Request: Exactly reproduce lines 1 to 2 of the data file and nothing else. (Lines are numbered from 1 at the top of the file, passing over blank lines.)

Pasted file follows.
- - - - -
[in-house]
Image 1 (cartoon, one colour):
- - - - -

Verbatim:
[in-house]
Image 1 (cartoon, one colour):